‘Mississippi Burning’ case, now closed, exposed KKK terror

JACKSON, Miss. (AP) — Federal and state authorities said this week they’re ending the investigation of the 1964 “Mississippi Burning” killings, one of the most infamous cases in the violent backlash to the civil rights movement.

Tuesday marked 52 years since Michael Schwerner, James Chaney and Andrew Goodman were abducted and killed by Ku Klux Klansmen outside Philadelphia, Mississippi, and the civil rights workers’ legacy is still honored at annual services in the town.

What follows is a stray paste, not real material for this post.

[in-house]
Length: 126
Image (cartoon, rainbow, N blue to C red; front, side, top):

During the first weeks after the crime, some Mississippi residents and officials dismissed the men’s disappearance as a stunt designed to make the state look bad.

Records show that an investigator with the Mississippi Sovereignty Commission speculated the whole thing might be a “hoax.” The commission was a state-funded spy agency that sought to preserve segregation during the civil rights era.

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